The first and most important reform, which is made little of in the capitalist press, is the breakup of the Polish national banking system. Assuming the plan goes through, it would put Poland’s banks on the road to a return to capitalist competition and free them from virtually all government control.
As is well known, each one of the imperialist states has a centralized monetary and financial system which the imperialist governments control on behalf of the bankers. There are also, of course, independent banks, some small, some large, that compete with each other as part of the capitalist system.
Under imperialism, the banks are so tightly linked to industry and agriculture that Lenin defined this complex intimately tied together by the banking system as “finance capital.”
The Polish banking system had been tied to the development of socialist industry and agriculture. The attempt to break it up into small competing units more or less independent of the government divorces it from industry, from the socialist sector, and gives it the upper hand in relation to the socialist sector of the economy, particularly the heavy industries which are its core in Poland.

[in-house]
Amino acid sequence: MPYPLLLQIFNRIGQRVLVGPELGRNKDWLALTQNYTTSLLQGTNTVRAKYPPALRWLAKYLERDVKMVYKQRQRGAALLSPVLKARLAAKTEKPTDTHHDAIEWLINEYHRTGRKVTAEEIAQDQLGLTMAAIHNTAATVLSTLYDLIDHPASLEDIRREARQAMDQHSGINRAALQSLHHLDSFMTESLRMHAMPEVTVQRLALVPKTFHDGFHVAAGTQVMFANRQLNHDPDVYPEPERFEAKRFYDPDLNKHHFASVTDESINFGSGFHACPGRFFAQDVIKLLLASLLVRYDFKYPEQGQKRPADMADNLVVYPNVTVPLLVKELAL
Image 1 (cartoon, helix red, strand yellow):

The second aspect of this breakup of the banking system is to permit the banks to lend more liberally to the private sector, which has grown enormously in the last few years.
Another aspect is to make access to foreign currency more easily available to borrowers, especially the independent entrepreneurs. This will multiply the links between Polish banking and finance and the private, so-called independent sectors of the Polish economy, on the one hand, and foreign capital.
In a socialist economy, the banks merely make credit available to the industrial sector in accordance with an economic plan. It is purely a financial and bookkeeping matter, rather than one conveying economic and political authority. The banking officialdom in Poland have generally been considered lower-ranking government officials, not invested with a great deal of either political or economic power.
However, the reform intends to create competitive commercial banks. It will also facilitate companies (it doesn’t say which ones) which seek cheap sources of capital. Thus, it seeks to elevate the banks to a dominant role in relation to industry.
What bankruptcy means to the workers
The reforms will for the first time permit bankruptcy of industrial establishments. There are two kinds of bankruptcy under U.S. capitalist law.
In the first, there is a reorganization in which an understanding is arrived at with the creditors on how to continue management and operation of the company after writing off the losses and putting the reorganized company on a solvent basis. Usually, the smaller creditors lose out and the larger, more important ones reap the harvest.